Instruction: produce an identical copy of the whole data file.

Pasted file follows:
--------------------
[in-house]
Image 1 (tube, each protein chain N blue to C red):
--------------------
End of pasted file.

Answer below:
[in-house]
Image 1 (tube, each protein chain N blue to C red):